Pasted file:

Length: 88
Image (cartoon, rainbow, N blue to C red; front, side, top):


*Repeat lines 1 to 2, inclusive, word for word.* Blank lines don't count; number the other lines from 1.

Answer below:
Length: 88
Image (cartoon, rainbow, N blue to C red; front, side, top):